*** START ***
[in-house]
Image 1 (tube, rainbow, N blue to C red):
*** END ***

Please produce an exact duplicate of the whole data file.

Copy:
[in-house]
Image 1 (tube, rainbow, N blue to C red):